The Boston Marathon, and Patriots’ Day as a whole, is one of the most anticipated days on the calendar for the city of Boston. It signifies the end of the cold winter and the start of summer cookouts and baseball games while uniting the city in a way few events can.
Monday’s events on Boylston Street threatened that state of mind, sending the city and its residents into a state of panic instead of celebration, terror instead of jubilation, sadness instead of achievement.
Three people have passed away from their injuries, including an 8-year-old boy named Martin Richard who, just moments before the bomb went off, hugged his father and congratulated him on his achievement of finishing the Marathon. Martin’s story is an example of how something so pure and wonderful can turn dark and tragic in a matter of moments.
In the midst of the craziness and inhumanity, there was something else: heroism. Boston Police officers, Boston Athletic Association workers, Bostonians and members of the National Guard ran towards the chaos and carnage without so much as a second thought.
Runners who were finishing a race they had spent countless hours training for kept running through the finish line to Mass General Hospital to donate blood in such copious amounts that the Red Cross stopped taking the donations just two hours after the bombs went off.
The people of Boston responded to this unthinkable situation in extraordinary ways, and their compassion and capacity for selflessness has been a bright light in an otherwise dark and tragic week.
But I believe the people of Chicago, New York, Dallas, Los Angeles and every other city in this country would have reacted in the same exact way. In just the last year or so, this country has faced horrific acts of violence, but we have answered such acts with unbelievable courage.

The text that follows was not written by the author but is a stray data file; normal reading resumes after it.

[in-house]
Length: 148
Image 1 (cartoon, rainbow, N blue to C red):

Another change has been the way we react to these events as a people. In the past, attention would immediately center around who was responsible and when they would be brought to justice. The focus this week has been on the victims, the first responders and the human stories that come out of such trying times.
Just a brief look at Twitter, Facebook or any other form of social media is all it took to see all of the people wishing the best to those affected. For every post demanding justice, there were thousands offering prayers, aid and ways those outside the city could make a difference.
Technology has made a big world very small, and on Monday, technology made it that much smaller. Google set up a person finder, people in Boston set up a Google document with addresses and how much space they could offer people who couldn’t get home.
The “#prayforboston” hashtag was trending worldwide on Twitter for 13 hours following the attack.
More information on those responsible for the attack will come out in the coming days, but in the midst of all of the anger and sadness, try to remember the heroes who emerged from the chaos.
Like Bill Iffrig, the 78-year-old man who fell to the ground following the initial blast, but got back on his feet to finish the race.
Like the National Guardsmen who ran directly into the chaos to rip down temporary fencing to help those at the epicenter of the explosion.
Like the hundreds of runners who kept on running to give blood for those missing limbs and covered in shrapnel.
When things look darkest, remember those people and the capacity for courage human beings have.
Rest in Peace
Martin Richard, 8
Lingzi Lu, 23
Krystle Campbell, 29